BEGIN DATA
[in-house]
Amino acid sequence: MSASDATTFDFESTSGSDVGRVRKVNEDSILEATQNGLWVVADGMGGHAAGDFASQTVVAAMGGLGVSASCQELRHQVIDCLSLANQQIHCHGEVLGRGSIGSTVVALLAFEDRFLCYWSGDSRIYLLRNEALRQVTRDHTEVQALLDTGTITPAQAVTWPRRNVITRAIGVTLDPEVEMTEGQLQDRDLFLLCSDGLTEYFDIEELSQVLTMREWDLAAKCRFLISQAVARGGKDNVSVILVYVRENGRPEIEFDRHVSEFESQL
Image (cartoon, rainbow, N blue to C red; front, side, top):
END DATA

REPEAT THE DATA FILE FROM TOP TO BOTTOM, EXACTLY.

[in-house]
Amino acid sequence: MSASDATTFDFESTSGSDVGRVRKVNEDSILEATQNGLWVVADGMGGHAAGDFASQTVVAAMGGLGVSASCQELRHQVIDCLSLANQQIHCHGEVLGRGSIGSTVVALLAFEDRFLCYWSGDSRIYLLRNEALRQVTRDHTEVQALLDTGTITPAQAVTWPRRNVITRAIGVTLDPEVEMTEGQLQDRDLFLLCSDGLTEYFDIEELSQVLTMREWDLAAKCRFLISQAVARGGKDNVSVILVYVRENGRPEIEFDRHVSEFESQL
Image (cartoon, rainbow, N blue to C red; front, side, top):